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Accused 9/11 plotter rants at Guantanamo court
GUANTANAMO BAY NAVAL BASE, Cuba — The accused mastermind of the 9/11 terrorist attacks, Khalid Sheik Mohammed, appeared Wednesday in a camouflage vest and railed against the U.S. government at the military tribunal where he is being prosecuted.
“When the government feels sad for the killing of 3,000 on Sept. 11, we also should feel sorry that the U.S. government represented by Gen. Martins have killed millions of people,” Mohammad said through an interpreter, referring to the chief prosecutor, Army Gen. Mark Martins.
“My only advice to you, that you do not get affected by the crocodile tears. Because your blood is not made of gold and ours is made out of water. We are all human beings,” he told the judge Army Col. James L. Pohl.
Col. Pohl had granted Mohammed’s request to make a statement in court, but said it was a one-time occurrence. He said Mohammed has no right to give personal observations and comments on the trial proceedings.
“No matter how heartfelt, I’m not going to again entertain personal comments about the way things are going,”the military judge said.
Wednesday’s proceedings were part of a week-long series of pre-trial hearings that eventually will determine how the trial of Mohammed and his four co-defendants will be conducted.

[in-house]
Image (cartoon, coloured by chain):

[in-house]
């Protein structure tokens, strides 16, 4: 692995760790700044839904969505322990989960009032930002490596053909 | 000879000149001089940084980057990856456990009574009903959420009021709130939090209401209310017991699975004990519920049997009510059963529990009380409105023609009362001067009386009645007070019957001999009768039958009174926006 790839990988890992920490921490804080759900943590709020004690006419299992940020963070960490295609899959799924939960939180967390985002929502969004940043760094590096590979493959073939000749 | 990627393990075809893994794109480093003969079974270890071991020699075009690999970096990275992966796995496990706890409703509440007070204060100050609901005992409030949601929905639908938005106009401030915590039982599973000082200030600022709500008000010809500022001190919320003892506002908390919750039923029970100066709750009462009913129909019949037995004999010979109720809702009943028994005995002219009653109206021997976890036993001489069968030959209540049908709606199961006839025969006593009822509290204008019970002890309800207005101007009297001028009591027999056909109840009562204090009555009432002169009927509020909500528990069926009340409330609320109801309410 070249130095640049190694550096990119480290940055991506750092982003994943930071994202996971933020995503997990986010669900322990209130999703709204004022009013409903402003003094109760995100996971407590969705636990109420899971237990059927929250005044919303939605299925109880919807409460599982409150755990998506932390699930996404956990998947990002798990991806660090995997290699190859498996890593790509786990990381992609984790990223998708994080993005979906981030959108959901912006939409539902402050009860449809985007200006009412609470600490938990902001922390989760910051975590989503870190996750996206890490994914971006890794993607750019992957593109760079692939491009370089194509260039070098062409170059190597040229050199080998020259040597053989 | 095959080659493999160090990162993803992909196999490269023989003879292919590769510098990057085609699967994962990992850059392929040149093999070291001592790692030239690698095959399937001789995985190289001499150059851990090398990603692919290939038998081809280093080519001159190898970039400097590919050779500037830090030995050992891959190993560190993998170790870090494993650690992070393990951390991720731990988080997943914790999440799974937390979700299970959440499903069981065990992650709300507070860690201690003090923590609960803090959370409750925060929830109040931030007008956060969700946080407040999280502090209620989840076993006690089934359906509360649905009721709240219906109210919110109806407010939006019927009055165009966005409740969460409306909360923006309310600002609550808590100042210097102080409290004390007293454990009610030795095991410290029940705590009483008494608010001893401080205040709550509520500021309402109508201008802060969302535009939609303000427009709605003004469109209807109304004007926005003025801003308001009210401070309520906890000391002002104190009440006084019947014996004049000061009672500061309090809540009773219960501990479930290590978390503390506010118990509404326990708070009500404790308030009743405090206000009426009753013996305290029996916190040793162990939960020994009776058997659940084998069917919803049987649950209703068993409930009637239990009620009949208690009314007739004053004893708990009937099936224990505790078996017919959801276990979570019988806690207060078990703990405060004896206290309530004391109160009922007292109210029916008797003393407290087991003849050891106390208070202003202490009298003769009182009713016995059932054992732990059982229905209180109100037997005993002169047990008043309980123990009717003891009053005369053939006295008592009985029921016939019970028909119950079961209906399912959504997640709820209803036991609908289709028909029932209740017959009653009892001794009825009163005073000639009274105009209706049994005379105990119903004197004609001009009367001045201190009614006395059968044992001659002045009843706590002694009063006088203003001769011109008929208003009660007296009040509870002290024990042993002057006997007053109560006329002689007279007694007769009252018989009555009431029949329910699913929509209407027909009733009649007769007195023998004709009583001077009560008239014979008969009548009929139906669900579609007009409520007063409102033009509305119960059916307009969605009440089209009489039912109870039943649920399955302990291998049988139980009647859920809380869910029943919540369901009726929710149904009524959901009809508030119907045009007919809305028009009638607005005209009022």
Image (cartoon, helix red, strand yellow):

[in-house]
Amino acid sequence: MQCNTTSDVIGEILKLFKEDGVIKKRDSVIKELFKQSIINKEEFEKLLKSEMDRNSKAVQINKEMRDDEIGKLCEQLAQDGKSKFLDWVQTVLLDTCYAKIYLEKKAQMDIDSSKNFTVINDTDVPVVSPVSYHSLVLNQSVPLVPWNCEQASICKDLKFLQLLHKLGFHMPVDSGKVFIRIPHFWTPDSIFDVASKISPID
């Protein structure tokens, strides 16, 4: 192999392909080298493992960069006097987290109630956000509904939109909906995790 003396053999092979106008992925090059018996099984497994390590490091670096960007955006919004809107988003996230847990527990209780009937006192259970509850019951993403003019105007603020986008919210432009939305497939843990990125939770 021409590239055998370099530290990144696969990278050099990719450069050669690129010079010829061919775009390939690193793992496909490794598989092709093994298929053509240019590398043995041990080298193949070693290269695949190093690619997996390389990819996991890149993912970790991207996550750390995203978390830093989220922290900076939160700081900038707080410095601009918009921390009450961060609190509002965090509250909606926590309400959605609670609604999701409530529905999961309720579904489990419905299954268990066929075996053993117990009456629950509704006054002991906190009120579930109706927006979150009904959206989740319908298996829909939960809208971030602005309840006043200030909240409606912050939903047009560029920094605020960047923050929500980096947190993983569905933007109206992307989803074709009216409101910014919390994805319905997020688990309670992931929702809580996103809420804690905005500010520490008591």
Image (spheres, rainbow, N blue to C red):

Col. Pohl had ruled Tuesday that the five accused 9/11 co-conspirators can wear whatever they want to court, as long as the clothing does not misidentify their detainee status or is any part of an U.S. military uniform.
On Wednesday, Col. Pohl said he would soon issue a ruling on the issue of “presumptive classification,” which would classify statements by the detainees relating to their rendition, detention and interrogation by the CIA, or any information that remains classified by the U.S. government.
Government prosecutors have argued that such statements could reveal sources and intelligence-gathering methods that could risk U.S. national security.
Defense attorneys have argued that classification of their clients’ statements hinders their ability to mount their cases, and would hobble their ability to present information on the suspects post-capture treatment.
The courtroom has equipment that can keep accidentally disclosed classified information from observers in back of the room, where they are separated from the proceedings by soundproof glass, and observers watching the proceedings via closed-circuit cameras at U.S. installations.
Observers receive a 40-second delayed video and audio feed, which is managed by a court security officer who can set off a flashing red light to indicate the disclosure of classified information and temporarily suspend the feed.
Also on Wednesday, the court will take up defense claims that rat feces and mold was contaminating their work spaces, which the prosecution says are healthy and safe for normal operations.
The issue has plagued the court throughout the week as the defense and prosecution argued over the allegations.
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About the Author
Kristina Wong is a national security reporter for The Washington Times, covering defense, foreign policy and intelligence affairs. She can be reached at firstname.lastname@example.org.
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